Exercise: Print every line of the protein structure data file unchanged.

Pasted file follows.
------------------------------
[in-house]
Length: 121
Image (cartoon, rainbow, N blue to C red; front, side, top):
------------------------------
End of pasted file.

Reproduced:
[in-house]
Length: 121
Image (cartoon, rainbow, N blue to C red; front, side, top):